During Lone Survivor Week, I argued that Marcus Luttrell’s memoir is really just a 300 page ethical dilemma. And that I hate dilemmas, especially those that try to prove a political point.
In Luttrell’s case, the political agenda is our rules of engagement, following a long line of conservative commentators who make up hypotheticals to show the “stupidity” of our rules of engagement. Way back during my infantry training at Fort Benning, we discussed rules of engagement, and I heard an ethical dilemma designed to prove why they are wrong. Today, I am going to simply tell the story as it was told to me. On Wednesday, I will show why it is total malarkey.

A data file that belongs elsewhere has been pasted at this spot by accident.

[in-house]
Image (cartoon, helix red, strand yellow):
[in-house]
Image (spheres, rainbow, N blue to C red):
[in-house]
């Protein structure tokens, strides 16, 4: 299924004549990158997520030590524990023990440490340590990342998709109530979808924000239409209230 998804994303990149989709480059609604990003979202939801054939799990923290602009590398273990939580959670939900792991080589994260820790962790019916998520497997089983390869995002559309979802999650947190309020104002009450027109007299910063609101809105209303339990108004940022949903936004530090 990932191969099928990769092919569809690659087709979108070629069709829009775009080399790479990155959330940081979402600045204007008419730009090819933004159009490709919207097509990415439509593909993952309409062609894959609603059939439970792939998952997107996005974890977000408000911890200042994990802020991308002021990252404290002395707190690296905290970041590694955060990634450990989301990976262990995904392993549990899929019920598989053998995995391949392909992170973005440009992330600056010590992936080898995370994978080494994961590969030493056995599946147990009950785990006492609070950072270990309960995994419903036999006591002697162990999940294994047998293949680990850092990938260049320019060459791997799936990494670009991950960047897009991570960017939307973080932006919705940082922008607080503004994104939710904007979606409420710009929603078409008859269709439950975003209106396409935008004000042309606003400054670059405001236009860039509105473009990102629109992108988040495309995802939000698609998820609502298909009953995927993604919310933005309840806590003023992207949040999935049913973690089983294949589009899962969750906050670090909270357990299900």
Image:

The scene: downtown Baghdad. The time: before 2006. A Marine platoon is pinned down by a sniper and they can’t locate his firing position. Fire rains down on their positions when suddenly, from the front of the building, a woman emerges.
She goes outside, looks at all the Marines on the street, and goes back inside. The sniper fire instantly gets more accurate.
The woman comes out again. And again. Each time she leaves the building, the sniper fire closes in on the Marine platoon.
The Marines are trapped in an ethical dilemma, the speaker told me. They could shoot the woman, but they would be violating the rules of engagement because she didn't have a weapon. Or they could try to assault the building, but then risk massive casualties. The dilemma: shoot the woman and violate ROE, or let your own men get killed. The key? The men on the ground knew, for sure, that she was spotting for the enemy sniper.
Is this an ethical dilemma? Does it show how “stupid” restrictive rules of engagement are? Does this cause unnecessary risk to our Soldiers and Marines? I’ll provide my answer (No) on Wednesday.